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Event Detail Information

Event Detail Information

Speaker Jeff Snyder, Department of Applied Physics and Materials Science, California Institute of Technology
Date Nov 4, 2013
Time 4:00 pm  
Location 100 Materials Science and Engineering Building
Sponsor MatSE Department
Event type seminar
Views 1846
Originating Calendar MatSE Seminars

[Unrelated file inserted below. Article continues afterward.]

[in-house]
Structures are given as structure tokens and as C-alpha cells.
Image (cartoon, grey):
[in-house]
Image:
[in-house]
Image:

"Complex thermoelectric materials" - The widespread use of thermoelectric generators has been limited by the low material efficiency of the thermoelectric material. A number of strategies for Complex Thermoelectric Materials [1] with higher Thermoelectric figure of merit, zT, are being actively studied at Caltech. Complex electronic band structures provide mechanisms to achieve high zT in thermoelectric materials through band structure engineering. High zT is obtained p-type PbTe and PbSe which contains both light and heavy valence bands that can be engineered to achieve high valley degeneracy which leads to an extraordinary peak zT of nearly 1.8 at 750K [2]. Complex crystal structures that enable relatively low thermal conductivity have led to several new classes of thermoelectric materials. Ca3AlSb3, Ca3AlSb3 and Yb14AlSb11 are complex Zintl compounds containing differently connected AlSb4 tetrahedra that obtain zT near 1 at high temperatures. Fast diffusing or ‘liquid-like’ elements in the complex materials Zn4Sb3 [3] and Cu2Se [4] provide additional mechanisms to scatter and otherwise inhibit phonon heat conductivity. The principles of Zintl chemistry facilitates the search for new complex materials and the tuning of known thermoelectric materials with earth abundant, non-toxic elements [5]. Finally, the incorporation of nanometer sized particles reduces thermal conductivity from long mean-free-path phonons. This principle has been successfully demonstrated in PbTe with large nanoscale precipitates (>100nm) that can be independently doped with La (n-type) or Na (p-type). The synthesis of nanoscale composites can be controlled with the aid of equilibrium phase diagrams (experimental or theoretically determined) to produce microstructure of varying composition and length scale [6].